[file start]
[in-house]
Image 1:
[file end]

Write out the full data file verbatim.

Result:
[in-house]
Image 1: